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by Jenny Goodrick
 

In the corner of my Adelaide garden is a clump of agapanthus. “Hurt my shoulder trying to lift and divide mine,” complained my patient who came for a physiotherapy session. “Do you know they're actually from South Africa?” So I googled agapanthus (or African lily) and discovered that they naturally occur nowhere else on earth. So the agapanthus and I are aliens from Africa in Adelaide! And so I've decided that if it can survive in South Australia without watering, so can I.

The place name Adelaide, SA has caused much confusion. Rumour has it that a church organ that was being sent to Adelaide in South Australia landed in Adelaide, South Africa and is still there today! Strangely, both Adelaides are drought prone.

Australia's Adelaide reminds me of a Bloemfontein by the sea. The Adelaide hills are just a larger Naval Hill. Differences include the winter rain and the higher summer temperatures. It takes only about half an hour to get to the beach or to the hills from Adelaide's city centre.

Perhaps it has something to do with my alien-ness, but I have fallen in love with the local aliens of Adelaide. The cute little rabbits, for example, that instead are regarded as pests that need to be exterminated. Then there was the stray cat that I saw across the road. The magpies mobbed it, but it wasn't perturbed. “Kitty…come here,” I called. As it turned around and strutted into the creek, I quickly realised that it was a fox! And foxes, of course, are menaces that should be poisoned, and then there's the beautiful purple blanket over the hills in September and October. It's known as Patterson's curse, a weed, that needs eradicating!

Well, now to the birds in my creek. The Laughing Kookaburras make me smile. They sound like old, drunk women. The noisy miner (“he's taking over, he is!”) sings like a nightingale first thing in the morning outside my window. The beauty of the Adelaide rosellas and rainbow lorikeets delight and amaze me daily. And I can't get used to the screech of the lovely sulphur crested cockatoo. I think it's a cat being tortured!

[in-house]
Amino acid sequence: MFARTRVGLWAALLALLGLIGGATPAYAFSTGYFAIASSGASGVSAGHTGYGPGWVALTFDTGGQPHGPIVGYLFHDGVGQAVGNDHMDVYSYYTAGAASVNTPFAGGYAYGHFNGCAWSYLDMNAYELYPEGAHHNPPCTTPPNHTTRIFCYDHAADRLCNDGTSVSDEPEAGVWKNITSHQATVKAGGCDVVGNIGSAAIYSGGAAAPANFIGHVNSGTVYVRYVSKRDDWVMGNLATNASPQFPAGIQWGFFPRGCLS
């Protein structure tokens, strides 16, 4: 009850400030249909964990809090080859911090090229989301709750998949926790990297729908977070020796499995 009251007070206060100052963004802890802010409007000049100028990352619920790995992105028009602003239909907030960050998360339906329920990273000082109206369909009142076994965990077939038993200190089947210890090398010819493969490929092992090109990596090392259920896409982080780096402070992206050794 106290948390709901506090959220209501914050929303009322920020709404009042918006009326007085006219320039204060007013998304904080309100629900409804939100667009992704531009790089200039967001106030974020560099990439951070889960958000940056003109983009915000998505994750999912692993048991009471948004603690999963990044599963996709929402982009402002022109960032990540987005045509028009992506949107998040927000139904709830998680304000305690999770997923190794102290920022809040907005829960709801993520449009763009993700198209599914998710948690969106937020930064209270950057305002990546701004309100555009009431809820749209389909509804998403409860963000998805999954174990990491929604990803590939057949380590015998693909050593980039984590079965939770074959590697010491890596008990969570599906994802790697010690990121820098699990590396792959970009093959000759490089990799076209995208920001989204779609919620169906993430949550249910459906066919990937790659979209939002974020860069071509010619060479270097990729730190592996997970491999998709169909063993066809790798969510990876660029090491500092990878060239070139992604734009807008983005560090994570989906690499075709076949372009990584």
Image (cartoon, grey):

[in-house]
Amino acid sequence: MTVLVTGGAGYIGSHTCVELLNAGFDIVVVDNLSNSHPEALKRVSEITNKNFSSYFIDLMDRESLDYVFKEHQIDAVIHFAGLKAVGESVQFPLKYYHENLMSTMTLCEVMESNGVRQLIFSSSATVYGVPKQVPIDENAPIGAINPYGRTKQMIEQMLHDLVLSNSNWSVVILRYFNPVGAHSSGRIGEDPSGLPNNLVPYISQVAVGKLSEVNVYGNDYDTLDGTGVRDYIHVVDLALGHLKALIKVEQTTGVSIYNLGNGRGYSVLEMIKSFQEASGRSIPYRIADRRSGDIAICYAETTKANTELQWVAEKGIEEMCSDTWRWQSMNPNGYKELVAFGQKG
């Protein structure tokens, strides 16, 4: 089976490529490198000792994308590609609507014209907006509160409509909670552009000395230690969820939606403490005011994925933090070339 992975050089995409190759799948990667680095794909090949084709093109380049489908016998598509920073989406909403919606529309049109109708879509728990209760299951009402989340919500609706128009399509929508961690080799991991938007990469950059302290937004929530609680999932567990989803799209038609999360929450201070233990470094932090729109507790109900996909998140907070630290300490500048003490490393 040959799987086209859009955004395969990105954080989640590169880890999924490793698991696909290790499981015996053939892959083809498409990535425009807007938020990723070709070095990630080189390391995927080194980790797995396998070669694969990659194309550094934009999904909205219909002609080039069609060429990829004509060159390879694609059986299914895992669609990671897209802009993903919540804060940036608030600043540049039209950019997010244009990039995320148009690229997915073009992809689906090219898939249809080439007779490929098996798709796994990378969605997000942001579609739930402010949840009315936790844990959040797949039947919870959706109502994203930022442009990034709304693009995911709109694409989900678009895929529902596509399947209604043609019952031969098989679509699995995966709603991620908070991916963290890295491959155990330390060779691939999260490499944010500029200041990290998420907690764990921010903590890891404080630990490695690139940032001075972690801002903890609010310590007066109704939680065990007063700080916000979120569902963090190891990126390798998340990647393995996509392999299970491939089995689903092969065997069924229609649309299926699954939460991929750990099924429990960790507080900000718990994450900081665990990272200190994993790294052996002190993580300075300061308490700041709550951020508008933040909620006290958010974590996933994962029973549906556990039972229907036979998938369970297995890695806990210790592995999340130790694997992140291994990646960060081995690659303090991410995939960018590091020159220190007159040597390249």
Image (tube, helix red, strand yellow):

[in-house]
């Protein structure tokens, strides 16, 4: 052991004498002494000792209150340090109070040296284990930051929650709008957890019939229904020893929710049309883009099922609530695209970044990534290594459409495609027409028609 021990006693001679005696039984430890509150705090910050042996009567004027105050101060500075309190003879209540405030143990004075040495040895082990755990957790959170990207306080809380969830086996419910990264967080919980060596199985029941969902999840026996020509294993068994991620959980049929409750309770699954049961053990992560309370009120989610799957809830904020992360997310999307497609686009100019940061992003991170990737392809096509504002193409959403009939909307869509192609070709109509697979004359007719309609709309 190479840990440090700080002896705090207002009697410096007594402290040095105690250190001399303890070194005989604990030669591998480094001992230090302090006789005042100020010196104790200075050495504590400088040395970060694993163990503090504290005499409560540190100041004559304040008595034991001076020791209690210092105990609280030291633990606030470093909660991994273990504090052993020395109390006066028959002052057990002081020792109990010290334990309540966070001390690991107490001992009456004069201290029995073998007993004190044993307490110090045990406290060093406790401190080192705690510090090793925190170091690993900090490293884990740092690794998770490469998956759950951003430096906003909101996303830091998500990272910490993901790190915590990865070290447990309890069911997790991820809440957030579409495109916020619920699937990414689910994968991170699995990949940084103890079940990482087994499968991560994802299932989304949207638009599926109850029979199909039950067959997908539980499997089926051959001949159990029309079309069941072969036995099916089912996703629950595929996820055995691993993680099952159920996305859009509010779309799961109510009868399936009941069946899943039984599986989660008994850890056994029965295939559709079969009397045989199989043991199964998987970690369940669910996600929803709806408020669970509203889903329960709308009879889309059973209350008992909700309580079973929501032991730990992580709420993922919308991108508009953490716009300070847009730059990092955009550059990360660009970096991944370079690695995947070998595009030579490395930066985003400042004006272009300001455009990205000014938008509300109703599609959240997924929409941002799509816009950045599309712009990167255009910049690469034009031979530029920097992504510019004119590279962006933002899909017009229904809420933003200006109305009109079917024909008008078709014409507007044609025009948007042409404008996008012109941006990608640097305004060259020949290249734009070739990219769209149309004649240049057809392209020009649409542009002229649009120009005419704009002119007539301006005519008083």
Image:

My experience of Adelaide is that there are places to visit every weekend: National parks with koala bears that look hungover as they sit in the clefts of eucalyptus branches; wineries, farm stalls, festivals, beaches, agricultural shows. We recently came upon the show at Uraidla quite by chance. Under the auspices of the Uraidla and Summerton Horticultural and Floricultural Society Inc, it reminded me of the Bathurst Show in the Eastern Cape. I browsed through the program while watching a sheep herding competition. Events included: The Poultry Section, which would not proceed if the temperature was more than 35 degrees. There was the scarecrow championship which required exhibits to withstand the elements. Also on the list was log chopping, a home brewed beer and liqueurs section, and my favourite The SA Country Women's Association Scone Competition.

I'm happy in Adelaide and like my agapanthus, I'm taking root in foreign soil. South Africans are tough and we readily adapt (helped along by Ouma rusks and biltong). There's so much to enjoy in South Australia. With petrol in the tank, and a handful of brochures and pamphlets, each weekend is an adventure.

Some interesting facts about South Australia:

  • The state's floral emblem is the Sturt's Desert Pea (although I've not yet seen one due to the drought).
  • The fauna emblem is a hairy nosed wombat and the gemstone emblem is an opal.
  • The world's biggest rocking horse is found 30 km outside Adelaide in Gumeracha.
  • Adelaide is the only major city in the world completely surrounded by parklands.
  • It has the only venue in Australia to serve the notorious seafood, the Fugu pufferfish. It is extremely poisonous if any residue is left in the fish.
  • The first person to pilot a powered flight in Australia was South Australian, Bill Wittber. The SA Aviation Museum has labelled the lack of recognition as a great denial (Victorians claim that US escape artist Harry Houdini was the first).
  • There is a coastal suburb, which is a palindrome – Glenelg.
  • During Writers' Week world famous authors read from their work (and middle-aged women occasionally faint in the tents from excitement and the February heat). South African-born author JM Coetzee is part of the team.
  • There are two world famous panda bears in South Australia and Monarto Zoo is soon to become the largest zoo in the world.
  • Adelaide is home to beautiful botanical gardens with an interesting South African section.
  • The television series McLeod's Daughters was shot near Gawler.
 
 
 
Posted in lifestyle |
Posted by Jenny Goodrick
12 Apr 2010



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